Boy Scouts of America sells camping grounds to compensate victims of sexual abuse

Boy Scouts Of America Sells Camping Grounds To Compensate Victims Of Sexual Abuse

Killingworth, Conn. — As the Boy Scouts, struggling financially under the pressure of multiple sexual abuse lawsuits, is forced to sell several camping grounds, conservationists, government officials and others are looking for ways to preserve them as open spaces.

A proposed $2.6 billion bankruptcy settlement, designed to pay compensation to thousands of victims of child sexual abuse, adds to the pressure already under an organization beset by years of declining membership.

For more than a century, the organization and its local councils have owned properties across the United States where generations have learned to appreciate the outdoors through camping, swimming, and boating. Now they are taking advantage of those sprawling properties, including some where there was abuse.


The Boy Scouts of America explained in a statement that the sale of camp sites may be necessary in some cases to compensate victims.

“Any decision must take into account finances, viability of potential buyers, sustainability and meeting obligations to best serve young people within their respective council,” the organization said.

Developers have bought some properties, but conservation groups hope that others can be protected by purchasing them with public funds.

It’s unclear exactly how much property in the United States belongs to the Boy Scouts, in part because it belongs to the organization’s local councils, but evidence at the bankruptcy trial indicated that local councils own about 2,000 properties that could be worth between $8,000 million and $10 billion, said Timothy Kosnoff, an attorney who represents more than 12,000 bankruptcy plaintiffs.

The proposed bankruptcy settlement with the Boys Scouts of America would see its more than 250 councils contribute at least $515 million in cash and property and a $100 million interest-bearing promissory note. Kosnoff said the Scouts will have to sell much of their land to contribute to the national settlement or else pay for continuing legal battles.

Some victims of abuse have mixed feelings about the sale of the camps.

Joe, a victim who did not want his last name used because his family was unaware of his ordeal, was abused by his scout master from the age of eight in the 1970s at a Connecticut camp on Candlewood Lake. , which was sold years ago for housing construction. He’s not sure he wants people camping out on land where he once abused Boy Scouts.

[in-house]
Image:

“I don’t have nice feelings about those places,” he said. “It’s almost like ‘Poltergeist.’ Do you want your house on the land where those things happened? So, I don’t know what to do with those places.”

Local councils in states including Arizona, Connecticut, Illinois, Maine, Michigan, Missouri, New York, New Jersey, Pennsylvania and Wisconsin have recently sold campgrounds or have announced plans to sell them.

In Maine, the Androscoggin Trust has an agreement to buy the 95-acre Gustin Campground near Lewiston, which includes a pond and wetland teeming with wildlife.

Aimee Dorval, executive director of the trust, said the state government’s Land for Maine’s Future program has agreed to contribute half of the property’s appraised value of $415,000. The rest will be raised through private donations.

The sale would be part of a larger effort by the trust to preserve about 1,000 acres of open space along the Androscoggin River near Lewiston, land that has also been targeted by real estate firms. The trust plans to continue allowing the Boy Scouts to use that property while opening it up to the wider community for camping and other activities.

Dorval felt it was important for groups like his to take the lead as these camps go up for sale.

“There are accredited land trusts all over the country that can take care of this,” he said. “I think it would be silly if people stayed away from this because of the controversy (over Boy Scout abuse). For us, it is not about that. It’s about conservation and trying to preserve an area for youth and nature-based activities and historic access for scouts.”



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